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  • Global Climate Change:The Roberts Court and Environmental Justice
  • Lawrence O. Gostin (bio)

The first full term of the Roberts Court was momentous. The two newest justices—the chief justice and Justice Alito—pledged "judicial modesty" in their Senate confirmation hearings, but they disregarded settled law on politically charged issues: abortion, affirmative action, campaign finance reform, punitive damages for tobacco companies, and separation of church and state. Justice Kennedy replaced Justice O'Connor as the swing vote, hewing the Court further to the political right, while Roberts and Alito voted together in 92 percent of nonunanimous decisions. The Roberts Court has become highly activist—not shy about circumventing precedent, invalidating policy decisions by the elected branches of government, and ignoring principles of federalism. The Supreme Court is moving quickly to a doctrine of "constitutionalism in reverse," protecting the interests of the privileged over the powerless.

In the midst of all this, there was a major victory that may be the most important environmental case ever decided by the Supreme Court. In Massachusetts v. EPA, Justice Kennedy joined with the liberal wing of the Court in a five to four decision, with Roberts writing the dissent.1 The Court held that the Environmental Protection Agency has the authority to regulate heat-trapping gases emitted by automobiles. Justice Stevens, writing for the Court, said the agency could not sidestep its authority to regulate the greenhouse gases that contribute to global climate change unless it could provide a reasoned, scientific basis for its refusal. This marked the first time that the Supreme Court has opined about global warming.

The Case

In 1999, environmental groups petitioned the EPA to regulate greenhouse gases, including carbon dioxide, under the Clean Air Act. Their petition was supported by respected scientific opinion that a significant increase in the atmospheric concentration of greenhouse gases is causing an alarming rise in global temperatures. The Clean Air Act requires the agency to regulate "the emission of any air pollutant from . . . new motor vehicles . . . which causes or contributes to, air pollution . . . reasonably anticipated to endanger public health or welfare."2 In 2003, the EPA denied the rule-making petition, reasoning (contrary to the opinions of its former general counsels) that it lacks the power to address global climate change and that, even if it had the authority, it would be unwise to do so due to conflicting administration priorities and scientific uncertainty.

The Supreme Court has repeatedly used the issue of "standing" (the legal right to initiate a law suit) to block private individuals from challenging government actions, especially in environmental cases. Justice Scalia has led this effort, and the chief justice appears to fully support Scalia's endeavor. But in this case, the Court found that Massachusetts has a special position as a sovereign state whose population is at "actual and imminent" risk of harm from global warming: a precipitate rise in sea levels, irreversible damage to natural ecosystems, increased spread of disease, and more ferocious weather events.3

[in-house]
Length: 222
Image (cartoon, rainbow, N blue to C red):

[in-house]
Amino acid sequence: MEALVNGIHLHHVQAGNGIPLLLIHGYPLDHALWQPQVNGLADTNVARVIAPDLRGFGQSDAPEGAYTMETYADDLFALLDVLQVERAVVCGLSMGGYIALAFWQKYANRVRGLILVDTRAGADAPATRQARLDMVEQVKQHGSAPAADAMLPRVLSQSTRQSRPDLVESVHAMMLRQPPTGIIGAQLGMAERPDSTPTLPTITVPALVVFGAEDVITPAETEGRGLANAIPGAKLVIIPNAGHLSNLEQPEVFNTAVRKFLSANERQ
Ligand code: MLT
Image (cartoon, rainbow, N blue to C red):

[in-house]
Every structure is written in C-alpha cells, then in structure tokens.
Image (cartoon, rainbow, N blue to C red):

The EPA's unwillingness to regulate motor vehicle emissions should be seen within the backdrop of the administration's steadfast refusal to act on global climate change: withdrawing support for the Kyoto Protocol, undercutting an EPA report blaming human activity for climate change, and altering scientific reports to minimize the threat of global warming. Most recently, at the G-8 Summit, President Bush adamantly opposed hard targets for reduction of greenhouse gases.

The EPA believes Congress did not intend for the agency to regulate in the sphere of global climate change. It argued before the Supreme Court that carbon dioxide is not an "air pollutant" despite the Clean Air Act's capacious definition that includes any physical or chemical substance emitted into the ambient air. Relying on a previous Supreme Court opinion denying the Federal Drug Administration jurisdiction over tobacco, the EPA claimed that global climate change is so important that Congress would have explicitly mentioned if legislators intended to empower the agency.4 But the FDA had never before asserted the power to regulate tobacco, whereas previous administrations affirmed that the EPA had such authority over greenhouse gases. Justice Stephens wrote that the EPA "in no way . . . [may] shirk its environmental...


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pp. 10-11
Launched on MUSE
Open Access
Archive Status
Archived 2012
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